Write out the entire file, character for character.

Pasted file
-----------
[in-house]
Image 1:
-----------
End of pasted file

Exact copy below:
[in-house]
Image 1: